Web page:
“I Can’t Seem to Motivate Myself”
A buffet of possible fixes
Posted Jun 15, 2020
Here’s a composite letter that describes a typical situation and my response.
Dear Dr. Nemko: I’m 26 years old, and ever since I was a kid, I have been plagued by a lack of motivation. Whenever there’s a more pleasant alternative, I take it. So, from school-age on, I waited until the last minute to get homework done. I could get away with it in school, even in college, sort of, because I’m smart. I got mainly Bs. But I’ve now been fired or “laid off” from all four of my jobs since college. I know I have to grow up and get disciplined, but nothing works: rewards, punishments, to-do lists, pep talks or laments from my parents, nothing. And with the COVID shutdown, somehow I'm feeling less motivated than ever, even to try to find a job. Am I doomed to be a permanent failure?
My response: As usual, there are no one-size-fits-all answers, but do any of these offer a glimmer of what you might do differently?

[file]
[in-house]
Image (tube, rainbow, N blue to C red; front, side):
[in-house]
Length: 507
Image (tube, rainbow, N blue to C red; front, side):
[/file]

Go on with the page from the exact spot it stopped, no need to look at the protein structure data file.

- Do you sufficiently recognize that being productive is key to the life well-led, as well as to your financial self-sufficiency?
- Do you know that people who are content with their lives tend to work a true 8+ hours a day?
- Do you need to be aware of the moment of truth: that moment you’re deciding, consciously or not, whether to do the task or something more pleasurable?
- Getting started is often the hardest part. Can you get in the habit of making yourself do the first few-second sub-task, even if it’s just to open your computer to the right program?
- When stuck, do you need to use the one-minute struggle technique? Try to tackle that challenge for just one minute. If you haven’t made progress on it in a minute, chances are you won’t. It’s then time to decide whether to get help, come back to it later, or if you can do the task without solving that challenge.
- Set a timer for 20 minutes. Work, really work, for 20 minutes, then take a 5-minute break. Repeat.
- Should you just accept yourself? People who have struggled with motivation for their entire life across a wide range of tasks and situations may need to accept themselves pretty much as-is, at least for now. Should you absolve yourself of guilt, do the best you can, and recognize and play to your strengths?
I read this aloud on YouTube.